Train UP A Child …

New podcasts will be added twice a month to I Am Not the World’s Greatest Dad, during the 2nd and fourth weeks of each month.  Check out the this week’s podcast at http://iamnottheworldsgreatestdad.podbean.com/

or click on the link below …

Download this episode (right click and save)


10.11.16 ~ Boys of Fall

As far as sports go football is not my favorite, but my middle son plays, I announce high school games, and I enjoy watching college and professional games on the television.

Tonight my son’s 8th grade team played in the conference championship game.  They played hard, but came up a couple of touchdowns behind in the end.

Here is what impressed me from my son after tonight’s game, and throughout the whole season.

  1. He’s a good teammate, always looking out for the guys on his team, and is just as excited for their success as he is his own.
  2. He keeps things in perspective.  He understands that getting 2nd place is quite an accomplishment, and that there is a whole lot of life that is bigger than sports.  He also understand that as an 8th grader there is a lot more games to be played.
  3. He likes the fun part of playing the game, and part of that for him is being with his friends.  I’ve seen this in other sports as well, and am more than okay with this.
  4. He works hard.  I’ve noticed this in games and practices.  Always hustling. He gets the important part about always doing your best, glorifying God in the process, and trying to become his best self.
  5. As a dad, when I watch him, I think to myself “hey, he has been listening, and he is getting it.”

The other observation I made tonight was about a student-athlete from the other team.  After the game, and after the obligatory hand shake line, and post-game team meetings, this young man went over again and congratulated all of our players and coaches and then invited them to a post-game prayer time in the middle of the field.  All the players from both teams went and knelt down in the middle of the field while this young man lead them in a time of prayer.

Major props to this young man for living his faith out in a real and tangible way among his teammates and opponents.  It appears to me that he understands what it means to love God, love yourself, and love others … even if some might think those others are the enemy.  A shout out to his parents for doing a good job of being parents.  Parma Middle School and the community of Parma should be proud of this young man.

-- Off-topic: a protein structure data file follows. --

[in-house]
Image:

9.9.16 ~ Cell Phones

I know there are laws against driving and texting or driving and talking on our cell phones but for some reason we all still drive and talk, or drive and text anyway.

I see people doing this all the time when I am driving down the road in my 1999 Dodge Grand Caravan.  I know, I know, the definition of cool.  I want to honk at these people when I see them just to bring their attention back to the road, but my horn doesn’t work.

I should honk at myself.  I’m going to be honest.  I drive and text sometimes.  I drive and talk on my cell phone sometimes.  I am not in the habit of practicing these things on a regular basis, but on occasion I indulge.  If a person calls me when I’m driving I rarely pick up, that’s what voice mail is for.  If they text, I might read it and sometimes I respond.

But, I’m stopping.  I can’t do it anymore.  I am stopping for several reasons, all of which relate to my safety and the safety of others.  So, if you call or text me when I am driving I’m not being rude, I’m just trying to be a safe member of society while driving 65 down the highway.

The other day I observed a mom driving her kids down the road to somewhere and probably to nowhere in particular.  While she drove she was talking on her phone at the same time.  For some reason as I observed this 65 mile per hour phone call with kids in the car, something I have witnessed countless times before, I was overwhelmed with a sense of urgency to stop texting and driving and cell phone talking and driving and to encourage others to stop as well.